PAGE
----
Monthly water-quality monitoring of streams was begun by Michigan Department of Natural Resources in 1973 to (1) determine temporal and spatial variability, (2) detect long-term trends, and (3) describe changes in water quality near urban areas. This report provides a statistical analysis and summary of data collected from 1973 through 1984. Concentrations and discharges of nine commonly measured water-quality constituents and specific conductance are examined. Twenty-three sites on inland streams (streams draining basins wholly within Michigan) and 20 sites on Detroit River are discussed. The changes in water quality in 9 rivers near 12 urban areas in Michigan's southern Lower Peninsula and the relation between streamflow and selected waterquality characteristics, including phosphorus, chloride, sulfate, nitrogen, specific conductance, and solid residues are described.
Results show that the median dissolved-solids concentration in Clinton River downstream from Pontiac exceed Michigan's 1986 stream water-quality standard. Among inland streams, constituent concentrations and discharges generally were greatest in Saginaw River and least in Grand River upstream from Jackson. Upstream from Detroit, constituent concentrations in Detroit River did not differ appreciably across the Windmill Point Transect; downstream from Detroit, at the Fermi Transect across Detroit River, most constituent concentrations were higher near the American and Canadian shorelines. Among urban areas, greatest changes in constituent concentrations occurred in the Grand River near Jackson, in the Clinton River near Pontiac, and in the Tittabawassee River near Midland; the least changes in constituent concentrations occurred in the Saginaw River near Saginaw, in Detroit River near Detroit and the Kalamazoo River near Battle Creek. Greatest changes in constituent discharges occurred in the Detroit River near the Detroit area; the least occurred in the Chippewa River near Mount Pleasant.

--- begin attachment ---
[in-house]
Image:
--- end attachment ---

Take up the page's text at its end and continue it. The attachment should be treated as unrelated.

Of the 230 regressions between streamflow and constituent concentrations in inland streams, about 73 percent were significant at the 5-percent level. The degree of the correlation and nature of the relation varied among sites and constituents. Generally, higher streamflows were associated with lower concentrations. Changes in streamflow and changes in constituent concentrations near urban areas were correlated in 57 percent of the 120 analyses. Generally, higher changes in streamflow were associated with lower changes in concentrations.
Additional publication details
|Publication Subtype||USGS Numbered Series|
|Title||Changes in water quality of Michigan streams near urban areas, 1973-84|
|Series title||Water-Resources Investigations Report|
|Publisher||U.S. Geological Survey|
|Publisher location||Lansing, MI|
|Contributing office(s)||Michigan Water Science Center|
|Description||vii, 120 p.|
|Other Geospatial||Lower Peninsula|